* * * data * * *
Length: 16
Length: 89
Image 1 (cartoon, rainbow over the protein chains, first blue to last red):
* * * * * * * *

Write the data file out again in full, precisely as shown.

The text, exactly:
Length: 16
Length: 89
Image 1 (cartoon, rainbow over the protein chains, first blue to last red):